Review: Catalyst Game Labs – Super Camelot

Super Camelot
Super Camelot is a fantasy tile game designed by Aron Murch, Thomas M. Gofton, and Josh Derksen, developed by Lynnvander Studios and published by Catalyst Game Labs.
By Aaron T. Huss

Learn more about Super Camelot here
Purchase Super Camelot here
Find other Catalyst Game Labs posts here

Super Camelot is one of those games that falls into a trend that we’ve seen become quite popular in the past several years – retro graphics in new packages. Super Camelot is a standalone, tile-placement game that looks and feels an awful lot like Legend of Zelda from our days on the Nintendo. It’s not Zelda though, in fact it utilizes the King Arthur legend for its characters, but the premises is essentially like Zelda.

Super Camelot is made for 2-4 players. Each player chooses a character with each one playing the same but containing a couple special tricks that makes that character unique. That uniqueness is effectively a representation of what the character’s “class” is without actually calling it a character class (think ranger, fighter, wizard, etc.). Each character’s goal is to collect enough gems first to win or collect all the relics and get back to win the game. That part is not the retro feel and is more like a mechanic you would find on board games throughout the past couple decades. The retro feel comes from the tile playing and resolution.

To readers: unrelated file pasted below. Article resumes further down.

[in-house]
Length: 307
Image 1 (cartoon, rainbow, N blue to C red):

Each tile is like moving from screen to screen in Zelda. Move onto the tile, populate your adversaries, and fight your way through. You can kill the enemies, chop down bushes, break rocks, and collect treasures. When you leave the tile and come back, the tile refreshes for all items that are allowed to refresh (sound Nintendo familiar?). Each player can go their separate ways or traverse the same tiles and when your turn is up, the enemies that can attack do so. You thus have to fight your way from screen to screen… I mean tile to gather the items and win the game!

But the coolness of the game doesn’t stop there. The characters are all represented by a cardboard cut-out with a stand. Bushes are made from a pair of cut-outs and stand-up on the tiles. And each and every single piece in the game is beautifully rendered in the 8-bit look! Aah… this game brings back some fun memories of my days playing the Nintendo.

Was it fun? It sure was! I was even able to teach my young girls (5, 7, and 10) how to play. Although there are a couple things I didn’t like. First, the font on the character cards can get difficult to read at times. Second, the Dark Knight enemies need stands as they are too big for the squares they are supposed to fit into on the tiles. They would also look better with stands anyway.

Other than that I really enjoyed the game and can see taking the mechanics and skinning it with something different. You could even do different genres, but it might not be quite the same. Firearms would probably need a couple mechanical tweaks… but it’s still very fun and I love the retro look and feel!

Share this post:

Related Posts

Leave a Comment